31st May 2012
Shabbat shalom dear friends. It is almost midnight, nearly the first of June, but I had to write to you tonight and now when I am so full of admiration, emotion, hope, sadness and defiance.
We just got home from the most incredible, incredible evening. We went to the International Conference Centre in Jerusalem to hear Verdi’s Requiem but this was no ordinary performance, this was a performance of the DEFIANT Requiem.
The birth of this performance came out of a short comment in the history of Theresienstadt, a small comment about a Maestro who managed to bring people to song and music through the most extreme of dire straits, having reached the limit of human emotional endurance. Maestro Murray Sidlin, in far off America, put an advertisement on the internet asking for information on Maestro Rafael Schachter, the Maestro of Theresienstadt and received a response from the niece of Maestro Schachter in Israel. That led to lengthy and deep research on the part of Murray Sidlin and the formation of The Defiant Requiem Foundation http://www.defiantrequiem.org/ and an incredible story began to unfold. This is not the first concert of the Requiem, indeed Maestro Sidlin took it to the Czech Republic, to Theresienstadt (today called Teresin) but tonight represents the culmination of Murray Sidlins dream as the Defiant Requiem played itself out on a Jerusalem stage, in the independent Jewish State with the soaring voices of the Prague Kuhn Choir, the Jerusalem Symphony Orchestra and Israeli soloists. It was everything one could expect and more! It was phenomenal! It was musically brilliant interspersed with film documentation and witness reports of survivors of the original choir, with narration by the Maestro, and Israeli actors Yona Elian and Sasson Gabbai, bringing to light the heroic story of one mans determination to give hope to the helpless and dignity to those who had the most basic of human dignity stripped from them in a place without hope. In the audience sat survivors of the original choir, watching their own lives play out in front of them.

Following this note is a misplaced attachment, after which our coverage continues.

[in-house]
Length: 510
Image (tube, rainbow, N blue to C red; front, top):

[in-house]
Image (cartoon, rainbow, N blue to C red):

They deep irony of Jewish voices soaring to the music written in defiance of the Catholic Church by an Italian in Latin is clearly apparent throughout yet, yet the very style of music tells us that even in this hell-hole the Jews were looking for a way to express their feelings to G-d. Maestro Schachter was a mild mannered man yet he demanded absolute attention and perfection from his choir. He taught them the massive piece by rote since he had but one score, one libretto, one possibility to draw the final vestiges of human pride in their achievement from themselves as a group, as Jews, and from each and every one of the singers. Under-nourished, sick, threatened daily, ill-treated and a truly sorry lot, he transformed them into great performers with a purpose in life – he gave them hope.
In 1944 the Germans seized the opportunity that the camp presented and decided to make a propaganda film to convince the world that this was a “Jewish Village, a retreat for the Jews”. Only the fittest were filmed and children who had no food were given candies and filmed relishing the prospect, sand pits and toys for those who had nowhere to lay their heads; adults given clothing and told to lounge around as if at a holiday spa and of course the orchestra and choir performed for the Red Cross who chose to believe the Nazis – as they do today believing our enemies against Israel.
When the heart wrenching power of the performance was reaching its end, Murray Sidlin asked the audience to remain standing in silence in honour of those perished and those who survived, some of whom were in the audience, rather than applaud. In silence the choir and orchestra left the stage one at a time, slowly filing out until just one violin softly played Oseh Shalom – please G-d make peace